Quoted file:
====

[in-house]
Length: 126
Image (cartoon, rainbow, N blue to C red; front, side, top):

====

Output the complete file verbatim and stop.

[in-house]
Length: 126
Image (cartoon, rainbow, N blue to C red; front, side, top):